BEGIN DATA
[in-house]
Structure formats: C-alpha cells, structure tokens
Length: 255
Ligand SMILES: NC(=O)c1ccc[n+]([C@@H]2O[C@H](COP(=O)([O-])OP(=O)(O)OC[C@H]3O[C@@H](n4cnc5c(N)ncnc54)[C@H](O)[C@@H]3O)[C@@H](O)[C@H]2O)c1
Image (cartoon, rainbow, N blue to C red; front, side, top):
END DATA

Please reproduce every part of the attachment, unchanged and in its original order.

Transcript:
[in-house]
Structure formats: C-alpha cells, structure tokens
Length: 255
Ligand SMILES: NC(=O)c1ccc[n+]([C@@H]2O[C@H](COP(=O)([O-])OP(=O)(O)OC[C@H]3O[C@@H](n4cnc5c(N)ncnc54)[C@H](O)[C@@H]3O)[C@@H](O)[C@H]2O)c1
Image (cartoon, rainbow, N blue to C red; front, side, top):